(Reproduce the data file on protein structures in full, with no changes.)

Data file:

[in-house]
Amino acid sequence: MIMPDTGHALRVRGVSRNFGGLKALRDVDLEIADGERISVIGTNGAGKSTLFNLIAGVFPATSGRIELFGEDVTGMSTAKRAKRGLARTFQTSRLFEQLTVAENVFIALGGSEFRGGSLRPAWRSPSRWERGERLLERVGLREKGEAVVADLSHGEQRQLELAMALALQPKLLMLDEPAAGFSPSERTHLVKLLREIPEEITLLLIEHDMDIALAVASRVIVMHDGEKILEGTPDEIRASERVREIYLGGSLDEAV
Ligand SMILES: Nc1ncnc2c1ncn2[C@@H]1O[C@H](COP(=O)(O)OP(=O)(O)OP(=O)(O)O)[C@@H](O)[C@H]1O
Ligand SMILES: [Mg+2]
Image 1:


[in-house]
Amino acid sequence: MIMPDTGHALRVRGVSRNFGGLKALRDVDLEIADGERISVIGTNGAGKSTLFNLIAGVFPATSGRIELFGEDVTGMSTAKRAKRGLARTFQTSRLFEQLTVAENVFIALGGSEFRGGSLRPAWRSPSRWERGERLLERVGLREKGEAVVADLSHGEQRQLELAMALALQPKLLMLDEPAAGFSPSERTHLVKLLREIPEEITLLLIEHDMDIALAVASRVIVMHDGEKILEGTPDEIRASERVREIYLGGSLDEAV
Ligand SMILES: Nc1ncnc2c1ncn2[C@@H]1O[C@H](COP(=O)(O)OP(=O)(O)OP(=O)(O)O)[C@@H](O)[C@H]1O
Ligand SMILES: [Mg+2]
Image 1: